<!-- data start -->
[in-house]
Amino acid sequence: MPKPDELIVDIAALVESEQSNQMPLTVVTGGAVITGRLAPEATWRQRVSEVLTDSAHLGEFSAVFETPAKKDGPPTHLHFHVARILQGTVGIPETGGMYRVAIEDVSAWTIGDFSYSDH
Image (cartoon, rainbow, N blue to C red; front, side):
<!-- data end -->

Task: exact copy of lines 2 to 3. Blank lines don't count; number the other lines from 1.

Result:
Amino acid sequence: MPKPDELIVDIAALVESEQSNQMPLTVVTGGAVITGRLAPEATWRQRVSEVLTDSAHLGEFSAVFETPAKKDGPPTHLHFHVARILQGTVGIPETGGMYRVAIEDVSAWTIGDFSYSDH
Image (cartoon, rainbow, N blue to C red; front, side):